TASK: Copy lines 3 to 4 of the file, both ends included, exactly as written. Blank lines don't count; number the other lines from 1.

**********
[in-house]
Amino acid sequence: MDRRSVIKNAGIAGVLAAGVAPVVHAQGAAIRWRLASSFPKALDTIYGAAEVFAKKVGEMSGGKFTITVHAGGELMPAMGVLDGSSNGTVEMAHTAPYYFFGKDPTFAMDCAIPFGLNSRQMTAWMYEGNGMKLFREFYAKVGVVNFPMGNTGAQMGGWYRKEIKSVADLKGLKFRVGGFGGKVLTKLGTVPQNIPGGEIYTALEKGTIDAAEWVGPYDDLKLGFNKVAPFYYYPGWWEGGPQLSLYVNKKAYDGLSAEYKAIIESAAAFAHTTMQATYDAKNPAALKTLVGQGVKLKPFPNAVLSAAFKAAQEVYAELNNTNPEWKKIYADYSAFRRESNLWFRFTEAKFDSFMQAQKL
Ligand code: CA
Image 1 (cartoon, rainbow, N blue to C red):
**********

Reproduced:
Ligand code: CA
Image 1 (cartoon, rainbow, N blue to C red):